I’D LIKE TO SAY THANK YOU TO THE ALmost 500 Cycle World readers who took the time to respond to my call for letters in May’s Up Front. In that column, titled “What's wrong?” I asked you to identify what you saw as motorcycling’s problems and then offer solutions.
THE SCENE WAS ONE ANY RIDER would recognize: Around a motorcycle shipping crate, a group of people waited in obvious anticipation while the cardboard shell was removed. When it at last came free and the bike inside was revealed, the cries of delight and appreciation were as familiar as the obvious urge the people felt to get on the thing and ride.
IN THE OPENING SCENE OF THE MOVIE we find ourselves looking down on a motorcycle parked in front of a garage or shed, on a paved driveway. The motorcycle has a chrome-plated tank, in the old English fashion, and is bristling with rods and levers and interesting hardware.
Congratulations on the great Jay Leno, Vincent Black Shadow cover of the May issue: A pair of classics. The article was interesting, too. Motorcycling sure has its share of fascinating characters. What a pleasant change it was to pick up a magazine that didn’t have on its cover a trick, day-glo bike seemingly bent out of shape, while its rider did strange things, in strange clothes, in the process of getting around a simple bend.
This New York-based firm’s catalog lists more than 1000 titles, including history, racing, technical and vintage books, as well as videos, signs, pins and posters. But more than that, it includes such priceless gems as “The Original Road Kill Cookbook,” “Tattooed Women,” and “The Verse by the Side of the Road,” a collection of Burma-Shave signs. The catalog costs $1, and it’s available from Hosking Book Works, RFD #1, Box 136, Accord, NY 12404; (914) 626-4231.
Hosking Book Works
No matter how you cut it, comfort is a really good thing, and the folks at Corbin know it. That’s why the Master’s Saddle exists, to provide the ultimate in comfort for Honda GL1500 owners. This color-coordinated seat has more features than most La-Z-Boy recliners. Call toll-free (800) 538-7035. California residents can call (800) 662-6296, and in Canada the number is (604) 434-4949.
Hosking Book Works
If the relationship between you and your Harley has lost its spark, relationship counseling might not be necessary. You may just need replacement coils from KV Products. KV offers Dyna Coils for Harley-Davidson’s Big Twins and Sportsters. Dyna Coils are guaranteed against defects in materials and workmanship. If the relationship is worth saving, you or your bike should write KV Products, 1060 East Cypress St. Covina, CA 91724; (818) 967-3786.
Hosking Book Works
Willie & Max fringed classic saddlebag
Some things will never be dated. A thousand years from now. Marx Brothers movies will still be funny, 1959 Corvettes will still sound great, and fringed saddlebags will still look right on some motorcycles. Willie & Max have captured the look of the classic fringed saddlebag and combined that with convenience features. Suggested retail price is $119.95 from most dealerships or from Pinsley Manufacturing, Inc., 322 1/2 N. Seymour Ave., Mundelein, IL 60060; (312) 949-1225.
Hosking Book Works
Blendzall 4-stroke racing castor oil
Cher, Liz Taylor, Calvin Klein and the other scent mavens have it all wrong. If one of them could only come up with a perfume that smells like Blendzall’s castor oil, that person would have the world by the nose. Of course, the perfume wouldn’t eliminate heat-and friction-related engine problems, as Blendzall claims its oil does. And at $6.80 a quart, Blendzall’s a lot cheaper, too. For a free sample, contact Aervoe-Pacific Co., P.O. Box 485, Gardnerville, NV 89410.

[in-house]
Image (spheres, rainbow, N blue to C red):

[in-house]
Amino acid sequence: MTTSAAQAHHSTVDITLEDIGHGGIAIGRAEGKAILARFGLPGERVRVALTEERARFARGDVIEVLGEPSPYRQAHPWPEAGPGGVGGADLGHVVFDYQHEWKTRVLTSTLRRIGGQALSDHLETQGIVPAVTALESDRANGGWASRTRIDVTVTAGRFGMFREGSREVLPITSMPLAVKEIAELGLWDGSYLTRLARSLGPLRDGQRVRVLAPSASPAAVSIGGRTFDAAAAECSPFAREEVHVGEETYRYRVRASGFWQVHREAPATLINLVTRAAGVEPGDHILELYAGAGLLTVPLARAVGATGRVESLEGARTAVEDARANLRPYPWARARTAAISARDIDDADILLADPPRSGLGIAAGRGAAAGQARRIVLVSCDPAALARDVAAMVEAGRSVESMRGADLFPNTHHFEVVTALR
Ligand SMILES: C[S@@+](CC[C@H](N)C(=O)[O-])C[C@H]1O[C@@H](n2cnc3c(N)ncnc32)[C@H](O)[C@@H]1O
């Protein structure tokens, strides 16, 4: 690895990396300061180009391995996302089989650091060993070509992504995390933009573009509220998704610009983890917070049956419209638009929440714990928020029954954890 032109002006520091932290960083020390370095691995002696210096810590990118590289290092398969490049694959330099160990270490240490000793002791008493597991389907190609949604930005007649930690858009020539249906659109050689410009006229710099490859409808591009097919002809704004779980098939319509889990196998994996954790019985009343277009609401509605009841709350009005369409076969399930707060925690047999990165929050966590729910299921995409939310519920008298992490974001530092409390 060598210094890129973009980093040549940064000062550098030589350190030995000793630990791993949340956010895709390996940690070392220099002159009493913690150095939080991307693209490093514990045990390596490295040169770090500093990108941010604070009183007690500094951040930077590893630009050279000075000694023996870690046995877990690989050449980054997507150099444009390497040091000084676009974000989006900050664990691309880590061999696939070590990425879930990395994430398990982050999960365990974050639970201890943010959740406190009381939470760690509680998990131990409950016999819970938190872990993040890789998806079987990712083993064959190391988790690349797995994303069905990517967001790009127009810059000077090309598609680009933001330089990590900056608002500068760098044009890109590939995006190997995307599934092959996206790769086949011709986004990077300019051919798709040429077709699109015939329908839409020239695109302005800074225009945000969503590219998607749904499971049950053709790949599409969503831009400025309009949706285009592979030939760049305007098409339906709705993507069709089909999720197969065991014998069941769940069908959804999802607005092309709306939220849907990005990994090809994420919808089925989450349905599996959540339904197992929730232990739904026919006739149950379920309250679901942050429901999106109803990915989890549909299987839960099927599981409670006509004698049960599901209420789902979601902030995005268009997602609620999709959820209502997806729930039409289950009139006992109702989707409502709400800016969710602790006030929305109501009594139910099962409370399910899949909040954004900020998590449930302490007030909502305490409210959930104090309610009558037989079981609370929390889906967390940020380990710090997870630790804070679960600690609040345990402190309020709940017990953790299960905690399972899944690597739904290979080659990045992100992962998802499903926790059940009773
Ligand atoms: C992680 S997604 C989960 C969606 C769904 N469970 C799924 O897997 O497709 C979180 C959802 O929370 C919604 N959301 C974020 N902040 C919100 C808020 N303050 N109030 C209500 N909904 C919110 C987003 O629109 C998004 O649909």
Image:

Hosking Book Works
Avon is looking for a few people who know how to play dirty. The new AM24 Gripster is designed particularly for motorcycles and riders who aren't particular; who will ride just about anywhere. With an entire new class of motorcycles developing in the Paris-Dakar mold, a new class of motorcycle tires is called for, say the folks at Avon. For information, contact Avon, 407 Howell Way, Edmonds, WA 98020; (800) 624-7470.
This New York-based firm’s catalog lists more than 1000 titles, including history, racing, technical and vintage books, as well as videos, signs, pins and posters. But more than that, it includes such priceless gems as “The Original Road Kill Cookbook,” “Tattooed Women,” and “The Verse by the Side of the Road,” a collection of Burma-Shave signs.
IN A SCENARIO WORTHY OF THE best British spy novelists, a high-tech British firm is working hard to keep its secret from a news-hungry public and a prying press. The company is Triumph Motorcycles Coventry Limited and its secret concerns a fresh, new Triumph motorcycle.
NEW-BIKE SALES MAY BE FLAGging elsewhere, but the Japanese home market appears immune. As one official put it, the Big Four’s domestic market seems “incredibly buoyant.” For proof, just take a look at the Japanese 250cc category. In the U.S., this displacement class receives scarce attention, but in Japan, 250s account for 43 percent of over-50cc sales.
A DESCRIPTION OF THE GlLERA Saturno 500 sounds like a scrambled message from a broken FAX machine. Let’s see, it says here the bike is a four-valve, liquid-cooled, single-cylinder streetbike, conceived in Japan and executed in Italy on a formula that was taken from the British motorcycle industry.
I MET TWO-TIME GRAND NAtional Champion Dick Mann for the first time three years ago at Daytona. He joined a few of us for breakfast, slipping into the conversation now and again, but for the most part he seemed to enjoy simply sitting in a sunlit room abuzz with motorcycle conversations.